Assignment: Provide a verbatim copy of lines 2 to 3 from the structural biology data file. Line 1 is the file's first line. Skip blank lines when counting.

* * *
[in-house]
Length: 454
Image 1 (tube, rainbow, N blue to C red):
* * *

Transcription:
Length: 454
Image 1 (tube, rainbow, N blue to C red):